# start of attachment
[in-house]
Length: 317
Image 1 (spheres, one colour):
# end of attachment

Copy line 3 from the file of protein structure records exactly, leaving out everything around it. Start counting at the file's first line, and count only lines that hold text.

Image 1 (spheres, one colour):